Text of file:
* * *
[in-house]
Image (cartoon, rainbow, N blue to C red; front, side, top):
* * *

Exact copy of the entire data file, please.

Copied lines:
[in-house]
Image (cartoon, rainbow, N blue to C red; front, side, top):